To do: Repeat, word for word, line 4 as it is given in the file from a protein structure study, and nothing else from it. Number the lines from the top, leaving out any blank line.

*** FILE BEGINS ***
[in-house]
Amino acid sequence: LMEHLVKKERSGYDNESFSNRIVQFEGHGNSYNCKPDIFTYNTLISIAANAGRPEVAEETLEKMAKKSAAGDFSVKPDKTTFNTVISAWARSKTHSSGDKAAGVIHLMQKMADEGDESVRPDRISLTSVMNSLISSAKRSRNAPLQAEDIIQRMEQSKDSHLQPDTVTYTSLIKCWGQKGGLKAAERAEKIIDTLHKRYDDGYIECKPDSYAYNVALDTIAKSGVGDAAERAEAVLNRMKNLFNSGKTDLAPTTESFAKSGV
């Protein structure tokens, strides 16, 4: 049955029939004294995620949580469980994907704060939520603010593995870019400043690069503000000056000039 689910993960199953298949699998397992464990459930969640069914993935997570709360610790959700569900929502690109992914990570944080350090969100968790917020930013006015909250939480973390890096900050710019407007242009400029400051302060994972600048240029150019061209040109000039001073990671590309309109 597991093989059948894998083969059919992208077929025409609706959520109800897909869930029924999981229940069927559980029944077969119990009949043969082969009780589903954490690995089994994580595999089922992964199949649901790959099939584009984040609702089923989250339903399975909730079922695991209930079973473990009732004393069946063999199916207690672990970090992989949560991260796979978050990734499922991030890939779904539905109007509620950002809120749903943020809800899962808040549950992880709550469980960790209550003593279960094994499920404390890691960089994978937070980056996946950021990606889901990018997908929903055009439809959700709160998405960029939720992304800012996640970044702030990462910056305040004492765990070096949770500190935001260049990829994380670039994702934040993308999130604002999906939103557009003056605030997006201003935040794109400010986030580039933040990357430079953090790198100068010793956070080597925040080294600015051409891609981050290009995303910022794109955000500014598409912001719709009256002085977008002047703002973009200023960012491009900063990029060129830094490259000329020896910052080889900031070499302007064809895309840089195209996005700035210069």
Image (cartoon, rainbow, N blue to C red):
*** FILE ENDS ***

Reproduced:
Image (cartoon, rainbow, N blue to C red):